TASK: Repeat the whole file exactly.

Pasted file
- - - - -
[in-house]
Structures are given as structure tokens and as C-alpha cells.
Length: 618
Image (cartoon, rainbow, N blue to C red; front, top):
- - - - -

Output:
[in-house]
Structures are given as structure tokens and as C-alpha cells.
Length: 618
Image (cartoon, rainbow, N blue to C red; front, top):